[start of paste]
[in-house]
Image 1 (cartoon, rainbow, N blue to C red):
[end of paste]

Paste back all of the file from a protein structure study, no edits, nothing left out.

[in-house]
Image 1 (cartoon, rainbow, N blue to C red):